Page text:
Review: Tinker Tailor Soldier Spy

It’s a funny thing, spying, isn’t it? We entrust our national security to those who, by their very nature, must be duplicitous and backstabbing. Yes, those people who keep our secrets are the very ones we want to keep them safe from. Tinker Tailor Soldier Spy takes us deep into this murky world of Cold War espionage and the search for a double agent at the heart of MI6. But is it any good?

Tinker Tailor Soldier Spy is an adaption of John le Carre’s classic novel. A paranoid Control (John Hurt), the head of MI6, sends an agent to Hungary on a top-secret mission to discover the identity of a mole right in the heart of The Circus, the highest level of the secret service. So secret was this mission that Control and the agent, Jim Prideaux (Mark Strong), were the only people to know about it. The Russians get wind of this agent snooping around Budapest, set him up, and gun him down.

The fallout from the unsanctioned mission results in Control and his right-hand man, George Smiley (Gary Oldman), being pensioned off, leaving Control’s four suspects – Tinker Percy Alleline (Toby Jones), Tailor Bill Haydon (Colin Firth), Soldier Roy Bland (Ciaran Hinds), and Poorman Toby Esterhase (David Dencik) in charge of The Circus.

When rogue agent, Ricki Tarr (Tom Hardy), reveals Control’s theory about a mole, Smiley, aided by Peter Guillam (Benedict Cumberpatch), is brought back to the fold to investigate The Circus and Operation Witchcraft, a double agent so high up in the Russian Echelons of power it seems too good to be true.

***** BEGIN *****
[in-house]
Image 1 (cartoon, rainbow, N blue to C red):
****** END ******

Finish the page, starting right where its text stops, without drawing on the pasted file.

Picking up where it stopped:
Tomas Alfredson, best know for his brilliant vampire tale Let The Right One In, directs with aplomb. His deliberately drab and dull palette perfectly suits the muddy world in which these spies work. Set in the seventies, hardly a thing feels out of place, though it’s weird to think that this film is now a period piece. How time flies… Alfredson also really knows how to crank the tension too, especially in a sequence where Benedict Cumberpatch’s Guillam has to smuggle records out of The Circus.

The cast is ace too. Tom Hardy’s rough and ready Ricki Tarr, all kissable lips and flecked with paranoia at the things he’s seen. Colin Firth’s charming but sleazy Haydon. Mark Strong’s wounded Prideaux, left out in the cold teaching school kids and brooding in a caravan. Kathy Burke’s brief appearance as Connie Sachs, a researcher let go not long after the Hungary incident for asking the wrong questions.

But it’s Gary Oldman as Smiley that is star of the show. Grey haired and hidden behind glasses, he barely speaks in the first half hour, yet we know what Smiley is thinking the way Oldma moves his glasses or simply how he stands. Where he really nails it is with an anecdote about Russian rival, Karla. He draws us in as any storyteller would and leaves us hanging on his every word. It’s mightily impressive. That said, I still can’t accept Oldman as being an old man (pun intended). Maybe it’s because in my mind he’ll always be Sid Vicious in Sid And Nancy, or crazy Stansfield in Leon. I don’t know.

Tinker Tailor Soldier Spy is a great piece of almost old-fashioned filmmaking. A top adaption removes the more convoluted elements of the story without stripping it completely. Turn the mobile phone off, close the laptop, and you should be able to follow the plot with relative ease. It’s a film that rewards that attention.

Tinker Tailor Soldier Spy is available on Blu-Ray and DVD now.

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